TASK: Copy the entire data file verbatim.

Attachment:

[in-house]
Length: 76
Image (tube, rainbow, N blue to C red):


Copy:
[in-house]
Length: 76
Image (tube, rainbow, N blue to C red):